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Stimulus induced desynchronization of human auditory 40-Hz steady-state responses.
J Neurophysiol. 2005 Dec; 94(6):4082-93.JN

Abstract

The hypothesis that gamma-band oscillations are related to the representation of an environmental scene in the cerebral cortex after binding of corresponding perceptual elements is currently under discussion. One question is how the sensory system reacts to a fast change in the scene if perceptual elements are rigidly bound together. A reset of the gamma-band oscillation forced by a change in sensory input may dissolve the binding, which then would be re-established for the new sensation. We studied the reset of gamma-band oscillations on the 40-Hz auditory steady-state responses (ASSR) by means of whole-head magnetoencephalography (MEG). The rhythm of 40-Hz AM of a 500-Hz tone evoked the ASSR, and a short noise burst served as a concurrent stimulus. Possible direct interactions of the auditory stimuli were excluded by presenting the noise impulse in a different frequency channel (2,000-3,000 Hz) to the contralateral ear. The concurrent stimulus induced a considerable decrement in the amplitude of ASSR, which was localized in primary auditory cortices. This decrement lasted 250 ms and was significantly longer than the duration of the transient gamma-band response evoked by the noise burst. Thus it could not be explained by any linear superimposition of the responses. The time courses of ASSR amplitude and phase during recovery from the decrement resembled those after stimulus onset, indicating that a new ASSR was built up after the resetting stimulus. The results are discussed as reset of oscillations in human thalamocortical networks.

Authors+Show Affiliations

The Rotman Research Institute, Baycrest Centre for Geriatric Care, Toronto, ON, Canada.No affiliation info availableNo affiliation info available

Pub Type(s)

Comparative Study
Journal Article
Research Support, Non-U.S. Gov't

Language

eng

PubMed ID

16107530

Citation

Ross, B, et al. "Stimulus Induced Desynchronization of Human Auditory 40-Hz Steady-state Responses." Journal of Neurophysiology, vol. 94, no. 6, 2005, pp. 4082-93.
Ross B, Herdman AT, Pantev C. Stimulus induced desynchronization of human auditory 40-Hz steady-state responses. J Neurophysiol. 2005;94(6):4082-93.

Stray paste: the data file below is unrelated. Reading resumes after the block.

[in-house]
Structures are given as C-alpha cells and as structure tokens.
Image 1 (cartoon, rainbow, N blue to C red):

Ross, B., Herdman, A. T., & Pantev, C. (2005). Stimulus induced desynchronization of human auditory 40-Hz steady-state responses. Journal of Neurophysiology, 94(6), 4082-93.
Ross B, Herdman AT, Pantev C. Stimulus Induced Desynchronization of Human Auditory 40-Hz Steady-state Responses. J Neurophysiol. 2005;94(6):4082-93. PubMed PMID: 16107530.
* Article titles in AMA citation format should be in sentence-case
TY - JOUR T1 - Stimulus induced desynchronization of human auditory 40-Hz steady-state responses. AU - Ross,B, AU - Herdman,A T, AU - Pantev,C, Y1 - 2005/08/17/ PY - 2005/8/19/pubmed PY - 2006/1/26/medline PY - 2005/8/19/entrez SP - 4082 EP - 93 JF - Journal of neurophysiology JO - J Neurophysiol VL - 94 IS - 6 N2 - The hypothesis that gamma-band oscillations are related to the representation of an environmental scene in the cerebral cortex after binding of corresponding perceptual elements is currently under discussion. One question is how the sensory system reacts to a fast change in the scene if perceptual elements are rigidly bound together. A reset of the gamma-band oscillation forced by a change in sensory input may dissolve the binding, which then would be re-established for the new sensation. We studied the reset of gamma-band oscillations on the 40-Hz auditory steady-state responses (ASSR) by means of whole-head magnetoencephalography (MEG). The rhythm of 40-Hz AM of a 500-Hz tone evoked the ASSR, and a short noise burst served as a concurrent stimulus. Possible direct interactions of the auditory stimuli were excluded by presenting the noise impulse in a different frequency channel (2,000-3,000 Hz) to the contralateral ear. The concurrent stimulus induced a considerable decrement in the amplitude of ASSR, which was localized in primary auditory cortices. This decrement lasted 250 ms and was significantly longer than the duration of the transient gamma-band response evoked by the noise burst. Thus it could not be explained by any linear superimposition of the responses. The time courses of ASSR amplitude and phase during recovery from the decrement resembled those after stimulus onset, indicating that a new ASSR was built up after the resetting stimulus. The results are discussed as reset of oscillations in human thalamocortical networks. SN - 0022-3077 UR - https://www.unboundmedicine.com/medline/citation/16107530/Stimulus_induced_desynchronization_of_human_auditory_40_Hz_steady_state_responses_ L2 - https://journals.physiology.org/doi/10.1152/jn.00469.2005?url_ver=Z39.88-2003&rfr_id=ori:rid:crossref.org&rfr_dat=cr_pub=pubmed DB - PRIME DP - Unbound Medicine ER -